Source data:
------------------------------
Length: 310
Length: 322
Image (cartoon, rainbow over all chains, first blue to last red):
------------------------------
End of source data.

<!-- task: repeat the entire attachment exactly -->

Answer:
Length: 310
Length: 322
Image (cartoon, rainbow over all chains, first blue to last red):